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Chris -- 2018-04-11
Two years ago Peter reviewed several replacements for the last part of the phrase “will o’ the wisp,” noting “will o’ the whisk” as a possible, though rare, eggcorn.1 The post did not mention one of the most common substitutions: “whisp” for “wisp.”
But is “will o’ the whisp” an eggcorn?
First, a bit of background. “Will o’ the wisp” is English name for a phenomenon that occurs in swampy areas. A brief glowing light appears just above the ground and appears to move around. In earlier times the phenomenon tended to be attributed to fairies, demons, spirits of the dead, etc. The name “will o’ the wisp” pictures an English chap with a generic name (Will, or William) carrying a wisp, a burning twist of hay or straw, that he uses as a torch. More modern explanations introduce hard science into the interpretation, appealing to marsh gas and piezoelectric effects. Most examples of “will o’ the wisp” in modern speech are only loosely connected to the swamp phenomenon, of course. Over the centuries the phrase “will o’ the wisp” has been metaphorically extended. It refers to something evanescent, something that attracts but does not fulfill.
Now back to “will o’ the whisp.” The OED defines “whisp” as a slight blast or a puff or a sprinkle. The examples that are cited in the entry for “whisp” speak of a “whisp of wind” or a “whisp of rain.” “Whisp” probably has onomatopoetic roots and may be influenced by (if not derived from) “whisper.” “Whisp” is not a well-known or widely-used word in modern English. The OED marks it as “rare.” The citations in COCA and BNC combined provide barely a dozen examples of “whisp” and “whispy,” and almost all of these are mistakes (more on this in a moment). My spelling checker doesn’t know the words-while I am typing this it is highlighting “whisp” as a misspelling. The adverb “whispy” unknown to any dictionary I have access to.
So why, then, if the word is so rare, does Google report hundreds of millions of hits for “whisp” and hundreds of thousands of hits for “whispy?” The answer lies in a simple error. People commonly use “whisp” when they mean “wisp” and “whispy” when they mean “wispy.” This error even escapes editors, as the citations in COCA and BNC indicate. The BNC has an excerpt from a glamour mag, for example, that describes a new hairdo as “an elegant upswept style with whispy tendrils.” “Wisp” often means a thin strip, a thready streak, something unsubstantial (e.g., a wisp of a girl), meanings that are allusions to the original sense of “wisp” as a bundle of straw. So the “whispy tendrils” in the magazine piece should have been “wispy tendrils.”
Arguably, switching “whisp” for “wisp” creates an eggcorn because of the overlap in meaning of the two words. But given the rareness of “whisp” (Once you remove the “whisp/wisp” errors from COCA and BNC, the frequencies in two corpuses suggest that “wisp” is hundreds of time more common than “whisp.”), it’s hard to believe that those who substitute the rare “whisp” for the more widely known “wisp” have semantical motivations. Chances are they have simply misspelled “wisp.”2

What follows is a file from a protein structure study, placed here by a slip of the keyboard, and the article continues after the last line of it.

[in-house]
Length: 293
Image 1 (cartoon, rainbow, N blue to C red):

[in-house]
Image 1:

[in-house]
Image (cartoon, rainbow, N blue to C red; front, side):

“Will o’ the whisp,” then, probably follows the same contours. As much as I would like to think that the person using “will o’ the whisp” has an image of a swamp light being blown about by a whisp of wind, the utterer probably has the metaphorical extensions of “wisp” in mind and is thinking of the mythical swamp denizen as someone insubstantial, a mere wisp of smoke.
Examples of “will o’ the whisp:”
Post on a blog award site: “And in states where there’s proper civil control of militaries, having a Defence Minister (or indeed Prime MInister) who’s not in love with the idea of the will-o-the-whisp of military ’solutions’ to political problems.”
Comment on a political blog: “you will always be chasing the will-o-the-whisp ‘sin’ of inefficiency on the horse of civic ‘virtue’ ”
Post on a photog forum: “You’re chasing a will o’the whisp but you’ll never catch it.”
(1) The eggcorn database also has an entry for “willow the wisp” as a replacement for the first words of “will o’ the wisp.”
(2) The frequency of “whisp” as a replacement for “wisp” suggests that “whisp” will soon appear, if it hasn’t already appeared, as an alternate spelling of “wisp” in more progressive dictionaries. At which point this post is toast.
Last edited by kem (2015-09-21 14:21:43)
Hatching new language, one eggcorn at a time.
I’m delighted to find a new word – I have only a shorter OED which is entirely whispless – yet I find that online dictionaries, (all US I think) define ‘whisp’ as “a flock of snipe” rather than “a slight blast or a puff or a sprinkle” (a slight blast?)
As one of those sad souls with a inexplicable weakness for collective nouns – a hover of trout, siege of herons, murmuration of starlings etc – I was under the impression that it was a walk of snipe; the tantalising possibility is raised that there may be a host of AmEnglish alternatives I am unaware of.
I reluctantly agree that any whisp eggcornicity is inadvertent, for superstitious insertion of a hypercorrective aitch is surprisingly common:
Hot tub took 4 hrs to heat up, TV changed channels by itself & the front bushes had SEVERAL whasps nests. and when you are allergic to whasps.. thats scary. ...
f I had three whishes I would wish for a Mustang convertible and to win a contest and get $999999999999999 and to go to the best place ever, Heaven. ...
nly problem was one of the wheels being really whobbly. ... The paint is smooth and the overall build quality is superb, except for that whobbly wheel. ...
There’s a lot of great stuff in this issue, and it maintains the biting whiticism and no-holds-barred speak-your-mind style of the previous issues. ...